Scott Tibbs
Published in Hoosier Review, 10-27-2002

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Porn in dorms evidence of deeper problem

The Indiana University campus is in a fuss over reports that a company called "Shane Enterprises" filmed parts of a pornographic movie in an IU dorm. The Indiana Daily Student reported on October 23rd that an IU freshman said actresses from the film were performing oral sex on students in the hallway. This report was contradicted in the next day's edition. My first reaction to reading this story was "Do people have no shame"?

But should we really be surprised at this story?

The IDS criticized both the students and the filmmaker who participated in this incident. But the IDS ran an article on April 24th about students "hooking up", an ambiguous term which can mean random sexual encounters. When this type of activity is practically lauded in a special "perspective" section of the student newspaper, is it really a surprise that IU students would engage in random sexual encounters with porn stars instead of just other students?

As a society, we have moved farther and farther away from the Biblical sexual model of lifelong, monogamous heterosexual marriage. Since the "free love" era of the 1960's, we have seen increases in sexually transmitted diseases (including the explosive expansion of the virus that causes AIDS), abortion, teen pregnancy and out-of-wedlock births. The divorce rate has increased dramatically and all indications are that marriage isn't taken seriously.

Indiana University officials want to avoid the embarrassment of being labeled the nations "#1 party school", a distinction that brought Shane Enterprises here to begin with. (Never mind that much of the press generated on the Princeton Review article was from IU officials whining about it.) But on a campus where nobody bats an eye when an article about the prevalence of "hooking up" is published in the student newspaper, the fact that a pornographic film company came to IU to "party" with students, and that those students willingly participated, is hardly a major shock.

The deeper problem is that too many people don't regard sexual intimacy as the sign of deep commitment that it should be. Sex is viewed being just for fun, not an act of deep love and devotion for one's partner. Society has cheapened sexual intimacy and the importance it has to human relationships. Instead of getting overwrought over symptoms, we need to take a look at the underlying problem and ask ourselves what can be done to fix it.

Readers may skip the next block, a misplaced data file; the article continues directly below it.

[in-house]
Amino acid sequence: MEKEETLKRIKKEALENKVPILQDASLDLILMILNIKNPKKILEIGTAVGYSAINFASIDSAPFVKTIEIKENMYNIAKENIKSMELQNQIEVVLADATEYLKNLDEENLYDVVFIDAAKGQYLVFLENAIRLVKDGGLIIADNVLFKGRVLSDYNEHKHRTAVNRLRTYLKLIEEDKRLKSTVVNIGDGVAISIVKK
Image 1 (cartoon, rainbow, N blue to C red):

The reaction of the IU administration has been both amusing and frustrating. IU Chancellor Sharon Brehm was quoted in the October 24th Herald-Times as saying "Our students need to understand there are people and there are organizations out there who will exploit them for monetary gain. They need to be wary and skeptical and careful, because they can be taken advantage of."

Excuse me? IU students are legal adults, old enough to know right from wrong, and if students were engaging in sexual activity with porn actresses they knew exactly what they were doing. To suggest that these adults were "taken advantage of" is silly and an attempt to deflect responsibility from where it belongs. IU may have a right to be upset at Shane Enterprises but any students who were "serviced" by its representatives were hardly "exploited" or "taken advantage of".

As someone who has been active in the pro-life movement for several years, I understand that we cannot separate society's cavalier attitude toward sex from the deaths of 1.2 million unborn children each year. The culture of birth control has taught us that sex is to have no consequences and we should be able to engage in sexual behavior without worry of what might come of it. If sexual intercourse is to have no consequences, why are we surprised that people simply want to get rid the results of sex so they can continue with their behavior?

Christians and churches have sat on the sideline for too long as sexual sin is tolerated and promoted. What we need is a revival of the sexual morality laid out in the Bible. If Biblical sexual morality were embraced on a wide scale, we could dramatically reduce the spread of sexually transmitted diseases like AIDS. Indeed, universal acceptance of Biblical sexual morality would likely wipe out AIDS within a generation.

In a free society, we cannot and should not use the force of government to control people's sexual behavior. But we can recognize and speak out on a phenomenon that has caused great pain, suffering and death to our people, and look for ways to change it through persuasion and shame.